But it faced hard questions as the Japan-based Riken institute, which sponsored the study, launched a probe last month over the credibility of data used in the explosive findings.

At issue are allegations that researchers used erroneous image data for an article published in the January edition of British journal Nature.

Teruhiko Wakayama, a Yamanashi University professor who co-authored the article, called for a retraction.
http://phys.org/news/2014-03-stem-cell-scientist-retraction.html
 

ActStriker

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Nov 14, 2011
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Oh boy.

Rising Japanese scientist faked heralded stem cell research, lab says

Last January, just three years after Obokata earned her PhD, she published what appeared to be her groundbreaking research in the scientific journal Nature. It purported to establish a new way to grow tissue and treat complicated illnesses like diabetes and Parkinson’s disease with an uncomplicated lab procedure. Many called it the third most significant breakthrough in stem cell research.

“There were many days when I wanted to give up on my research and cried all night long,” she said at news conference. “But I encouraged myself to hold on just for one more day.”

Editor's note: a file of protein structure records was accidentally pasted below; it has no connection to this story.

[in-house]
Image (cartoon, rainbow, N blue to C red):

The headlines were thunderous. “Stem cell ‘major discovery’ claimed,” BBC bellowed. ”STAP cell pioneer nearly gave up on her research,” reported the Asahi Shimbun. “Scientist triumphed over setbacks,” crooned the Japan News.

On Tuesday morning, Obokata’s research institute, Riken, which is almost entirely funded by the government, announced that the 30-year-old had purposely fabricated the data to produce the findings. Institute director Ryoji Noyori said he’ll “rigorously punish relevant people after procedures in a disciplinary committee,” according to AFP.

The investigation’s head said the paper “amounts to phony research or fabrication.” He added: ”The manipulation was used to improve the appearance of the results.”

Obokata, for her part, denied the month-long investigation’s allegations. “I will file a complaint against Riken as it’s absolutely impossible for me to accept this,” AFP reports her saying in a statement.
 

TheOMan

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Well...that really is unfortunate. I was thinking this was going to be massive for those that need new organs (as did some of my friends that work in the field). If she faked the results, I'm guessing her career is pretty much over, she must have been under some intense pressure.

What I never understand in these situations is, do the scientists trying to pull shenanigans believe they won't get caught? They must know how this process works, so why risk it all?
 

ezrarh